Interdependence in the workplace is the way employees interact and relate with one another, drawing from each person's contribution so that a greater goal is reached.
These types of conflicts are task-based and usually occur when a group of individuals are working on a project together. During this time, the group needs to coordinate their tasks so that everyone can successfully get their part done. Some employees will need others to pull their socks up if they’re not up to speed, as it could be holding up their work. For example, if a project is coming to a close, but the whole team is waiting for someone to edit the final version, that employee is holding the group up, which could make them miss their deadline.
This can often cause heated discussions between colleagues where one does not feel like another is pulling their weight.
The problem generally does not surface up the leadership ladder until employee attitudes are formed against one another. Resentment can begin to fester, which develops into workplace conflict. It’s like a snowball effect, beginning as a small issue between two employees and developing into a bigger problem involving management.
Let’s say an employee has been waiting for another individual to complete a task, but they’re late. The employee has requested what’s needed, but they still haven’t delivered. The employee will become irritated over the situation, and resentment will grow towards the employee, and towards management.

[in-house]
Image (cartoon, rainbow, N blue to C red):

At this point, the employee could assume that management is ignorant of the situation. They could blame management for allowing the situation to get to the point where the employee has to ‘act the manager’ and come down on a different employee.
As an employee, if you experience a situation like this and you attempt to deal with it yourself, here are some vocabulary tips:
Why not try…
After you have tried to resolve the situation in an amicable fashion, the only option left might be to approach management with the situation, especially before it goes too far.
Maybe you are the management in this situation, and an employee comes to you visibly upset and annoyed that another employee is holding up their work. Here are some vocabulary tips for you:
Why not try…
Considering the employee has come to you visibly distraught, the best thing to do is put their mind at ease. Let them know that you will take care of the situation, and they can get back to their normal duties. It’s important that the team knows that if they come to you with a problem, you are willing and capable of handling it.